Coach Employees to Boost Success

I recently participated in a teleconference about the importance of coaching in customer service organizations. It was interesting to hear the thoughts and methods of quite a few of people, most from different companies in different industries.

Though I haven’t been sent the official summary of the conversation, here is what I could gather (with my own thoughts):

Do it regularly.
Coaching is most effective when you do it regularly. Many companies integrate it into their formal review processes, which happen monthly, quarterly, etc. Doing it regularly lets employees know when it will be coming and allows them to best utilize the coaching.

Make it a formal process.
It is important to make coaching a formal process as well. If it is too casual, people will start to put it off or ignore it. Making coaching a formal process like quarterly reviews will hopefully encourage people to pay attention.

Make the expectations clear.
It is important to make the expectations about coaching very clear. Say when the coaching will happen, what is involved, who is involved, etc. If the employee knows all of this right off the bat, they can get a lot more out of the coaching.

Track results.
If possible, track the results of your coaching efforts. You want to see what is working, who it is working for, etc. You don’t want to waste anyone’s time (yours or the employee’s) through wasted coaching efforts.

One on one.
I generally advocate one on one coaching. It can be a simple thing (supervisor sitting next to the frontline employee and doing a few calls together) or a very formal thing with a third party coach or a formal agenda. I think one on one coaching is a lot more effective than having a few people together in a room or a big class.

Understand coaching.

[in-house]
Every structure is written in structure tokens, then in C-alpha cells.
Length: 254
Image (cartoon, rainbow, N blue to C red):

Before you start coaching, understand it. Coaching is not really criticism. It is trying to coach and help your employees improve. It doesn’t always have to be reactive. There are always things that people can improve upon and that is what coaching is for. If you are always criticizing or pointing out faults, then it probably isn’t coaching.
Coaching should be fun.
If coaching is fun, people will want to do it. The process should be enjoyable, shouldn’t be stressful, and most of all, should be educational. Fun and educational aren’t mutually exclusive, so work on trying to make it fun.

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6 Responses to “Coach Employees to Boost Success”

  1. Jeremy Hodges said:

    Aug 10, 07 at 10:51 am

    I would love to hear more information about “coaching”. You recommend coaching regularly, but what exactly do you mean by coaching. I can understand a large corporation being able to hold regular development classes, but how does a smaller company provide adequate coaching when you are unable to take team members away from their day to day requirements.

    (Also, I think you have a typo in the last paragraph. You say make coaching fun, but in the first sentence you say if it “is” fun people “won’t” want to do it.)

  2. Service Untitled said:

    Aug 10, 07 at 5:43 pm

    Hi Jeremy,

    Thanks for your comment. In a smaller company, coaching could just be working with team members on an individual basis to improve. It does take away from the day to day jobs, but is an investment for better quality.

    I have fixed the typo. Thanks for pointing that out.

  3. Glenn Ross said:

    Aug 11, 07 at 6:24 pm

    Right on target, Doug. Coaching should be offered whenever a supervisor notices a gap in performance. Regular coaching can also create a stronger relationship between supervisor and direct report resulting in a more motivated and productive employee. When that happens turnover drops and productivity increases. To learn how to be an effective coach, I recommend, offering free podcasts for those interested in improving their management skills.



  4. Service Untitled said:

    Aug 11, 07 at 9:11 pm


    Thanks for your comment and the link! Coaching is certainly useful in building relationships between the coach (the supervisor usually) and the employee.

  5. Service Untitled » Cox Communications Customer Service - customer service and customer service experience blog said:

    Aug 13, 07 at 4:38 pm

    […] The representative also mentions how representatives rarely get recognition for a job well done. Most of the feedback they get is when something goes wrong and then it is obviously quite negative. This isn’t helpful and definitely isn’t an example of good coaching. I’m sure Anonymous Cog, as well as thousands of other customer service reps, can relate. […]

  6. Service Untitled » Call monitoring leading to call coaching. - customer service and customer service experience blog said:

    Jul 13, 08 at 10:26 pm

    […] talked about the importance of coaching employees before and I stand by my original post – coaching is extremely important and necessary for customer service success. Making coaching a […]